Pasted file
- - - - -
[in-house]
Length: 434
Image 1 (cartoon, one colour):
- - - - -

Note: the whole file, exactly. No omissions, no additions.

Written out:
[in-house]
Length: 434
Image 1 (cartoon, one colour):